Could new teen driving laws be coming to Oregon?

Talk of driving law changes came after three teens died in crashes over weekend

ODOT has passed along ideas for new teen driving regulations to state lawmakers. February 25, 2015 (KOIN 6 News)
ODOT has passed along ideas for new teen driving regulations to state lawmakers. February 25, 2015 (KOIN 6 News)

PORTLAND, Ore. (KOIN 6) — Motor vehicle crashes are the number one killer in America. Just over the weekend, three local teenagers died in traffic collisions.

Car crashes take about 2,500 teenage lives every year — now families and state agencies are spearheading an effort to change that.

Turning 16 can be a pivotal moment in any teenagers life. Going to driving school and getting a license gives teens a whole new sense of freedom. While it’s an exciting experience for some, it can also be a terrifying one for parents.

After news broke of this weekend’s deadly crashes, ODOT policymakers said they are reconsidering teen driving laws — three in particular, according to The Oregonian.

Currently, Oregon law requires teenagers to wait six months before they can drive with a passenger under the age of 20 who isn’t an immediate family member. That could change to a year-long wait.

“I run cross country, you couldn’t give someone a ride to practice, we do that a lot,” ODEC student driver Gavin Macpherson told KOIN 6 News. “You go out to lunch, you could give your friends a ride, so I think it’ll make it a lot harder.”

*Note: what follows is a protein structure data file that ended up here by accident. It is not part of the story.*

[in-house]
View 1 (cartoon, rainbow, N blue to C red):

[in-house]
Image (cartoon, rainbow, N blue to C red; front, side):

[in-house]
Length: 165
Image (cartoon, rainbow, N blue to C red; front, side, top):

But parents have a different take on the issue.

“I think it would handicap the kids,” Guin Hillman, grandparent of a teen driver said. “They might live through it when otherwise maybe they would not.”

The second change being considered by ODOT is an increase in the driving age to 17 or 18.

While some teens and parents told KOIN 6 News they don’t love that idea, they wouldn’t be against a nighttime driving curfew — which is the third idea being discussed.

“I think night driving is hard,” Hillman said. “They can’t see things as well as they do during the day, so I would be glad to have fewer night hours.”

At this point, the changes in teen driving regulations are in the discussion phase, but ODOT has passed along the ideas to state lawmakers.

KOIN 6 News also spoke with AAA, and they agree with the idea — they’ve even conducted studies that show the risk of a teen dying in a car crash increases with the number of young passengers present in the vehicle.

Comments are closed.